Treasurer Joe Hockey says reversing an $80 billion federal budget saving on state school and hospitals funding would be reckless.
The premiers are pushing ahead with a crisis meeting in Sydney on Sunday despite Prime Minister Tony Abbott’s efforts to calm them over budget cuts.
The Abbott government’s first budget signalled an end to school and hospital agreements entered into between the states and the previous Labor government, saving $80 billion over the decade.
Mr Hockey told a business lunch in Brisbane on Friday that federal Labor leader Bill Shorten’s budget reply speech promise to oppose the savings, as well as other measures, was “recklessness writ large”.
“Our political opponents would have you believe there is no problem – they are just dead wrong,” he said of the government’s budget task.
Mr Abbott held a joint media conference with NSW Premier Mike Baird in Sydney after private talks to address the state Liberal leader’s concerns over the budget.
Mr Baird said earlier in the week the budget was a “kick in the guts” to the people of NSW.
He told reporters on Friday that nothing had changed in terms of his concerns.
“We have a long-term challenge with our state finances across the country.”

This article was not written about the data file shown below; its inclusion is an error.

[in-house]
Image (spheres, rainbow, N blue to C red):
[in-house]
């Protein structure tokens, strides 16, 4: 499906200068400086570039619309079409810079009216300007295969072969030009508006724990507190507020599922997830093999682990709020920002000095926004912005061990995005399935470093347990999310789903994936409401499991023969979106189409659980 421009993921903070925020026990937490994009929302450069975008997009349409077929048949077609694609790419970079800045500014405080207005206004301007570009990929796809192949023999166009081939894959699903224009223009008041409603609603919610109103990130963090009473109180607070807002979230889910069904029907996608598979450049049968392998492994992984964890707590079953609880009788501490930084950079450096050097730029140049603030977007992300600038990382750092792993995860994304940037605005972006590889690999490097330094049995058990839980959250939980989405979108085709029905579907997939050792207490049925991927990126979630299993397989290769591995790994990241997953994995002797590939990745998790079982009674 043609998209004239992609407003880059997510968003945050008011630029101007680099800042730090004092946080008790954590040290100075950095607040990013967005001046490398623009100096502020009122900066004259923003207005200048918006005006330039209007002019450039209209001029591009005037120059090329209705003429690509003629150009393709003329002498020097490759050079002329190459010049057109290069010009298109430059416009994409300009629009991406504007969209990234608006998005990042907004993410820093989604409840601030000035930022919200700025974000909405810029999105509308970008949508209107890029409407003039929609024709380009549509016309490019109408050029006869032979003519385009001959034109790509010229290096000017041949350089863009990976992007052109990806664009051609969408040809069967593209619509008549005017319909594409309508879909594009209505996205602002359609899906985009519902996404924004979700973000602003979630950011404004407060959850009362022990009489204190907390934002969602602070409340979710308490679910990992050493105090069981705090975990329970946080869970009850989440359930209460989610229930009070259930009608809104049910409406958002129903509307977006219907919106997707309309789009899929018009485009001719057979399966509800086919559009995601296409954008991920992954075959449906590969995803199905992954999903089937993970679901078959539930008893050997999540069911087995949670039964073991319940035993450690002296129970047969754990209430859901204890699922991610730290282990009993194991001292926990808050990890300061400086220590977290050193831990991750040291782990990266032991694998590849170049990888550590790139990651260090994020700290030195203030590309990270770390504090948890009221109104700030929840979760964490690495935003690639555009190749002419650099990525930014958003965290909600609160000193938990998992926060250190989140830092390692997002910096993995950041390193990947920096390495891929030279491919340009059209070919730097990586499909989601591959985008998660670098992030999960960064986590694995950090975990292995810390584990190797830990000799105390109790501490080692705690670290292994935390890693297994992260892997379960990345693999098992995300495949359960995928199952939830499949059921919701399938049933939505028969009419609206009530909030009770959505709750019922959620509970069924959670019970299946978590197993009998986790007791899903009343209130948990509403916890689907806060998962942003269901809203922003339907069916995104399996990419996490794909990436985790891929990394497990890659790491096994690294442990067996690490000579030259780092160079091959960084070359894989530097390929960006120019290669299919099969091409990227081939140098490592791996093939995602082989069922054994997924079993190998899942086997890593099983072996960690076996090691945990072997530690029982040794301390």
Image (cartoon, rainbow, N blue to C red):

“What we need to do is constructively put ideas to the prime minister and federal treasurer.”
Queensland Premier Campbell Newman – who will chair Sunday’s meeting – has flagged a push for all the states to receive a portion of the income tax that comes from their residents, which would go to schools and hospitals.
“If the states and territories don’t hang together on Sunday they will be hung separately by this federal government,” he said.
Mr Abbott said he was happy the premiers were thinking about proposals they could put to the federal government, particularly on tax reform and improving the federation.
“I’m not interested in picking fights – I’m interested in finding pathways forward,” he said.
The prime minister said federal funding of schools and hospitals would continue to grow but at a “sustainable rate”, not at the same rate as Labor’s “pie-in-the-sky” proposal.
ACT Chief Minister Katy Gallagher said she expected to lose about $1.3 billion in health funding.
“People will still arrive at the emergency department, they will still require operations, cancer treatment and renal dialysis – this decision simply shifts the burden to the states and territories,” she said.
All state leaders are attending the meeting, except West Australian premier Colin Barnett who said “we’re not panicking”.
Mr Shorten has declared Labor will oppose deregulated university fees, the Medicare co-payment, the fuel tax rise, and hits to pensions and the dole.
Labor revealed figures from the National Centre for Social and Economic Modelling that shows a couple with a single income of $65,000 and two children in school will have more than $1700 cut from their annual budget.
Mr Abbott said “responsible” members of parliament would work with the government to pass the budget.